Sheffield students protest proposed changes to higher education system

The National Union of Students (NUS) said that on Tuesday May 3, students will gather outside the Department for Education (DfE) offices in Sheffield at 1 p.m., before a government consultation period closes on Friday, May 6.

In February, the DfE announced a consultation on changes to the English higher education system, including the possibility of introducing minimum university entry standards.

He is also considering moving to a system where students would need a minimum of a Year 4 (equivalent to the old ‘C’) in English and Maths at GCSE, or two E grades at A level for be eligible for loans.

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The National Union of Students will protest the government’s proposed changes to higher education outside the offices of the Department for Education in Sheffield on May 3 at 1pm.

Experts from the Institute for Fiscal Studies said the proposals would disproportionately affect students from ethnic minorities and low-income families.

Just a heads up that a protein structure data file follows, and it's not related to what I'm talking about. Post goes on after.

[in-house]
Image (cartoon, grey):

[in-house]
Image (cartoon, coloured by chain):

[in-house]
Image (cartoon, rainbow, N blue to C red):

NUS UK chair Larissa Kennedy said: ‘The government’s changes to student loans are calculated cruelty. These changes will allow the highest earners to save £20,000, while new graduates with low and middle incomes in the tens of thousands of pounds will pay back thousands of extra pounds over their careers.

“At a time when the cost of living is skyrocketing and real incomes are collapsing, for the most vulnerable, these classist changes could be the difference between getting warm and eating. The minister imposes unimaginable debts on young people for the next forty years of their lives.

“Their plans to introduce minimum entry requirements are an attack on opportunity. This government repeats the language of “race to the top”, but these proposals are classist, ableist and racist: they cruelly target members of marginalized communities and seek to keep education. »

The IFS study indicated that for the 2011 and 2012 GCSE cohorts, almost one in four undergraduates who qualified for free school meals by the age of 16 would have been denied access to student loans if a GCSE English and Maths threshold had been put in place. .

Moreover, requiring GCSE English and maths would have had a disproportionate impact on black, Bangladeshi and Pakistani students compared to white British students.

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